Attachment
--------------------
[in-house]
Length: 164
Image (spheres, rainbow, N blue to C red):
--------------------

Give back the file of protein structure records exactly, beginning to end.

[in-house]
Length: 164
Image (spheres, rainbow, N blue to C red):